That wood from old houses when it is recycled goes for a pretty penny.

RE; the last three posts, it is the difference between old growth timber and new growth timber. Buildings and houses built 100 or more years ago have wood milled from trees that were around from before we were a nation. the wood is very strong and stable. Wood harvested today is grown as a crop and harvestsed long before it has a chance to fully mature. This includeds plywood The better plywoods have many more plys (layers held together by a layer of adhesive) which helps hold the wood and helps with the stabilization of it. There are many engineered wood products in use in construction these days that rely heavily on adhesives to structurally stabilize the wood mother nature didn't have the chance to. As a carpenter I worked on houses from many different era. Houses that were 100 years old had exterior trim that was in great shape just as strong as it was 100 years ago (unless there was an issue and water infiltrated for extended periods of time from behind it without being discovered), where as wood especially pine needed to be replaced on homes that were just 5 years old. Another thought on trees grown as crops are the trees grown for paper. Everyone trys to tell you to save a tree and go paperless, if that would happen all those trees planted for paper would NOT grow into a mighty tree. Those trees would reach the height they were bread to reach and just die. It is a crop planted to be harvested to make paper for the books we read the bills we get even the traffic tickets we get.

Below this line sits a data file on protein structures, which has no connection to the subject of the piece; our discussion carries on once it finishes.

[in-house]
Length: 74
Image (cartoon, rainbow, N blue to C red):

Sorry for the rambling it's hard to stop once I get going.

Dan

@Dan Kenny posted: